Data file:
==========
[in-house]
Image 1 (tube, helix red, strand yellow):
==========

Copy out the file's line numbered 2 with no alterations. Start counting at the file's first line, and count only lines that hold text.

Image 1 (tube, helix red, strand yellow):